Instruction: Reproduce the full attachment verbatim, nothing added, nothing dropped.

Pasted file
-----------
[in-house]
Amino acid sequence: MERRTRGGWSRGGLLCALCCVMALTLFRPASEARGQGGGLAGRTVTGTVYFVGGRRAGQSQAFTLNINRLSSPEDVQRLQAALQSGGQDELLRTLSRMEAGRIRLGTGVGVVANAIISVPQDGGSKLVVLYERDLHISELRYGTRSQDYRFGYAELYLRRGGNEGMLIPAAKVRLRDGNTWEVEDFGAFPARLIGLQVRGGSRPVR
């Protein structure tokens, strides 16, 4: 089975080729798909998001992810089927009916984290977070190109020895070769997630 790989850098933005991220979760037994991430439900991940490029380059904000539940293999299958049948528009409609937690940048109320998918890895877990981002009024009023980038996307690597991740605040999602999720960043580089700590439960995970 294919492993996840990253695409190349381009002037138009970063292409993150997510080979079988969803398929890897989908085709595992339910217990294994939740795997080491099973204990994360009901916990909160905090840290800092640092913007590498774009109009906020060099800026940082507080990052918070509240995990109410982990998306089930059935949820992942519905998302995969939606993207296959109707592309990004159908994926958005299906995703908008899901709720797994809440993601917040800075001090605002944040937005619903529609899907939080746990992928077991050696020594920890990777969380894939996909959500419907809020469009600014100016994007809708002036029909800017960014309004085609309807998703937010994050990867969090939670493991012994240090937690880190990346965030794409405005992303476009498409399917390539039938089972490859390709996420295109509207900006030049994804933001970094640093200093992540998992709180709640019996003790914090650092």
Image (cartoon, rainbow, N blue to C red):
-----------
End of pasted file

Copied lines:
[in-house]
Amino acid sequence: MERRTRGGWSRGGLLCALCCVMALTLFRPASEARGQGGGLAGRTVTGTVYFVGGRRAGQSQAFTLNINRLSSPEDVQRLQAALQSGGQDELLRTLSRMEAGRIRLGTGVGVVANAIISVPQDGGSKLVVLYERDLHISELRYGTRSQDYRFGYAELYLRRGGNEGMLIPAAKVRLRDGNTWEVEDFGAFPARLIGLQVRGGSRPVR
């Protein structure tokens, strides 16, 4: 089975080729798909998001992810089927009916984290977070190109020895070769997630 790989850098933005991220979760037994991430439900991940490029380059904000539940293999299958049948528009409609937690940048109320998918890895877990981002009024009023980038996307690597991740605040999602999720960043580089700590439960995970 294919492993996840990253695409190349381009002037138009970063292409993150997510080979079988969803398929890897989908085709595992339910217990294994939740795997080491099973204990994360009901916990909160905090840290800092640092913007590498774009109009906020060099800026940082507080990052918070509240995990109410982990998306089930059935949820992942519905998302995969939606993207296959109707592309990004159908994926958005299906995703908008899901709720797994809440993601917040800075001090605002944040937005619903529609899907939080746990992928077991050696020594920890990777969380894939996909959500419907809020469009600014100016994007809708002036029909800017960014309004085609309807998703937010994050990867969090939670493991012994240090937690880190990346965030794409405005992303476009498409399917390539039938089972490859390709996420295109509207900006030049994804933001970094640093200093992540998992709180709640019996003790914090650092």
Image (cartoon, rainbow, N blue to C red):